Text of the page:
Every fan of movies, but most particularly those in horror, are very wary when studios fuck with film classics. The worst are remakes followed close behind by sequels, prequels and re-imaginings. For every Godfather II, Aliens or Casino Royale, there are literally hundreds of bombs that piss you off to no end especially when you know these films are what will be watched by the young to a greater extent than the originals.
This October (2011), Universal Pictures is set to release a prequel to one of John Carpenter’s greatest films The Thing. It stars Mary Elizabeth Winstead, Joel Edgerton and Ulrich Thomsen and is directed by Matthijs van Heijningen Jr. A few months ago we first mentioned The Thing prequel here at Yell! Magazine and at the time it had a release date at the end of April. Now that April is in the history books, we thought we’d revisit the movie and write a little more in-depth about it.
For those of you who haven’t seen the original, I suggest you take the time to watch it otherwise you may become lost in the following paragraphs. But since you’re here reading about a prequel, I must assume most of you have done so already and therefore I will continue.
When Carpenter directed the original he left a few mysteries behind pertaining to what happened before the American research team arrived in the Antarctic. During the course of the movie, we began to understand that a Norwegian team had been on the frozen continent previously and some bad shit happened to them. We concluded, without much difficulty, that the cause of their misfortune was the alien presently reeking havoc on MacReady (Kurt Russell) and his team. But we never did learn the exact circumstances of what came before.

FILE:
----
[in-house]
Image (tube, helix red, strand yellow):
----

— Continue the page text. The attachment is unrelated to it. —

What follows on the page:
What had happened to the dead guy with the slit throat near the crash site of the alien aircraft? What about the helicopter chase after the dog, who was the pilot that blew himself up with a grenade, and who was the crazed lunatic shooting at the husky? These questions, and others always pricked at the minds of viewers. It seemed that Carpenter left the story open enough that a prequel would not be an impossibility.
And here is where the pertinent question lies. Are these unanswered questions a good enough reason to revisit the classic ’80s film? In a perfect world, Carpenter would be directing this film and the question would be moot. But since that isn’t happening, we must hope that the producers stick as close to the timeline and events created in the original as possible. Otherwise, the film will be moronic. As you have read in our previous article this seems to be the case.
Will The Thing prequel be bomb like so many other second films of an original classic? If we are to guess our answer is no. If it does nothing more than to explain what went on before, then it’s a worthy endeavor. But whether it lives to stand up next to the original is another question. If the film isn’t pushed back again to a later release date, we’ll see in October.